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This Tutor Used a Blend of Teaching Styles to Reach Kids Worldwide Even brilliant kids need the right lessons -- and teaching methods. That's what fuels this tutoring franchise.

By Jason Daley

This story appears in the May 2016 issue of Entrepreneur. Subscribe »

Photographs by Bobby Fisher

Sidharth Oberoi was a dream tutor -- a 17-year-old entering his junior year at the University of Utah and teaching math on the side. "We had a good response from parents," he says, but he didn't love his employer's curriculum, and there was no way to track what students were learning. Then a competitor, a local tutoring company called Zane Prep, started courting Oberoi -- and after six months, the whiz tutor finally said OK.

At Zane, Oberoi developed a curriculum that combined Western teaching styles with what's called "Singapore math," a visual and intuitive learning system used in many countries whose students rank high in science and math. But when they tested the model, something seemed missing. So Oberoi suggested they include STEM (science, technology, engineering and math) education -- but in creative, unexpected ways. Today, Oberoi is 23 and president of Zaniac, an after-school program for kindergarten through grade eight, with 10 locations across the country and another 15 targeted to open this year.

Don't kids learn all this stuff in school?

Not really. We're going to see a shortage of three million workers qualified for STEM jobs in the next generation. No one is doing any real engineering or tech before they hit high school or college. Kids use tech as consumers, but they are not learning how it works or how to program it. Most people are not exposed to any real engineering until they declare a major in it. One of our executives didn't have any hands-on engineering until he was a sophomore in college. We hope to fill that void.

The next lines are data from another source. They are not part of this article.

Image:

So what courses do you teach at Zaniac?

We offer six-week courses that meet for 90 minutes, one day per week. There's the math course I developed, but we also have computer programming classes, where kids learn to code and eventually write games in Python, and classes where they can create apps and design websites using HTML5 and CSS3; use the video game Minecraft to learn about physics or architectural design; use LEGOs to learn robotics and environmental science and use toys called LittleBits to explore circuits and hardware development. There are also classes on fashion design, aerospace engineering, 3-D printing, typing, chess and even game modding.

You've complained about transparency at other programs. How do you track growth?

First, all students in our math classes take assessment tests to place them; after that, in the first five minutes of every class, they're tested on the previous week's info. Improvement is plotted on a graph. In our other classes, progress isn't as measurable, but we try to instill in the kids what we call 21st-century skills. We teach problem solving, collaboration and self-direction, how to put their heads down and complete a project. You can have a million-dollar idea, but it's worth zero unless you can formulate it, enhance it and present it to others.

There are a lot of STEM programs out there. What makes Zaniac special?

Most after-school programs happen at school or at another temporary space. We have a retail presence, 2,500 to 3,000 square feet. Just like adults,kids need a productive place to work away from home and away from school. This is a vibrant place to hang out and take a class or finish homework, or be inspired. Also, it's the breadth of our offerings versus our competitors'. We understand that tech is constantly changing. Minecraft is one of our best-selling courses, but it's probably a fad and will be going away. We make sure we sustain ourselves with something new. Every year we reach out to students that we haven't engaged previously with new courses.

Jason Daley lives and writes in Madison, Wisconsin. His work regularly appears in Popular Science, Outside and other magazines.

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